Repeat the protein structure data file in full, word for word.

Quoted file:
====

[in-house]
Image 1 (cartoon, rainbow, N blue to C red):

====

[in-house]
Image 1 (cartoon, rainbow, N blue to C red):